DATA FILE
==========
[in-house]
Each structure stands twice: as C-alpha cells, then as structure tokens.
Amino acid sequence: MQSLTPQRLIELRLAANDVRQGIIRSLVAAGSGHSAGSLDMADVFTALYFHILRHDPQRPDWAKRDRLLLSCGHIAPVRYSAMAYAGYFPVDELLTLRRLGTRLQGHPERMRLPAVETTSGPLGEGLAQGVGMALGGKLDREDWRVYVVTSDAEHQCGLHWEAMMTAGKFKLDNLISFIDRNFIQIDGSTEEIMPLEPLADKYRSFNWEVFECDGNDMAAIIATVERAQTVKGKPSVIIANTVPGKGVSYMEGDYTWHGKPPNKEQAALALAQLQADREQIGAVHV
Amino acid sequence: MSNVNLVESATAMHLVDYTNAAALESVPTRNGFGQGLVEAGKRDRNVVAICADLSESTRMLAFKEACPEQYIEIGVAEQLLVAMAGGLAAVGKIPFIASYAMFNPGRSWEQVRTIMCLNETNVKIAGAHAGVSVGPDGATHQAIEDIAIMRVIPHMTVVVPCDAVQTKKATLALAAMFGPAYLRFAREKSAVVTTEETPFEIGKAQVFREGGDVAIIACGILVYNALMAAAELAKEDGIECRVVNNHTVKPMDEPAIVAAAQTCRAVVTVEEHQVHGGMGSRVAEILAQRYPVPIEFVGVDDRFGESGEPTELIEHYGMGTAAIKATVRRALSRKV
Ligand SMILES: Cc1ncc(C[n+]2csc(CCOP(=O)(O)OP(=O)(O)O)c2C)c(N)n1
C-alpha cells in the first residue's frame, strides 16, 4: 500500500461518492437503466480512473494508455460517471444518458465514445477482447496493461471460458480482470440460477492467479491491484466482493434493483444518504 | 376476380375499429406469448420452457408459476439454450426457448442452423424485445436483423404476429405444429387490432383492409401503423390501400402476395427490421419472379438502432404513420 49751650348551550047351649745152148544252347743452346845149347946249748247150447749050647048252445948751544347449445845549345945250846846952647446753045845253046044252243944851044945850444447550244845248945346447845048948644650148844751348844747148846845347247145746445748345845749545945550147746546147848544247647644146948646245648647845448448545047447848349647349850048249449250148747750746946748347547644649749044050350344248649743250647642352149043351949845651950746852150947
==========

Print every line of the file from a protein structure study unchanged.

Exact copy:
[in-house]
Each structure stands twice: as C-alpha cells, then as structure tokens.
Amino acid sequence: MQSLTPQRLIELRLAANDVRQGIIRSLVAAGSGHSAGSLDMADVFTALYFHILRHDPQRPDWAKRDRLLLSCGHIAPVRYSAMAYAGYFPVDELLTLRRLGTRLQGHPERMRLPAVETTSGPLGEGLAQGVGMALGGKLDREDWRVYVVTSDAEHQCGLHWEAMMTAGKFKLDNLISFIDRNFIQIDGSTEEIMPLEPLADKYRSFNWEVFECDGNDMAAIIATVERAQTVKGKPSVIIANTVPGKGVSYMEGDYTWHGKPPNKEQAALALAQLQADREQIGAVHV
Amino acid sequence: MSNVNLVESATAMHLVDYTNAAALESVPTRNGFGQGLVEAGKRDRNVVAICADLSESTRMLAFKEACPEQYIEIGVAEQLLVAMAGGLAAVGKIPFIASYAMFNPGRSWEQVRTIMCLNETNVKIAGAHAGVSVGPDGATHQAIEDIAIMRVIPHMTVVVPCDAVQTKKATLALAAMFGPAYLRFAREKSAVVTTEETPFEIGKAQVFREGGDVAIIACGILVYNALMAAAELAKEDGIECRVVNNHTVKPMDEPAIVAAAQTCRAVVTVEEHQVHGGMGSRVAEILAQRYPVPIEFVGVDDRFGESGEPTELIEHYGMGTAAIKATVRRALSRKV
Ligand SMILES: Cc1ncc(C[n+]2csc(CCOP(=O)(O)OP(=O)(O)O)c2C)c(N)n1
C-alpha cells in the first residue's frame, strides 16, 4: 500500500461518492437503466480512473494508455460517471444518458465514445477482447496493461471460458480482470440460477492467479491491484466482493434493483444518504 | 376476380375499429406469448420452457408459476439454450426457448442452423424485445436483423404476429405444429387490432383492409401503423390501400402476395427490421419472379438502432404513420 49751650348551550047351649745152148544252347743452346845149347946249748247150447749050647048252445948751544347449445845549345945250846846952647446753045845253046044252243944851044945850444447550244845248945346447845048948644650148844751348844747148846845347247145746445748345845749545945550147746546147848544247647644146948646245648647845448448545047447848349647349850048249449250148747750746946748347547644649749044050350344248649743250647642352149043351949845651950746852150947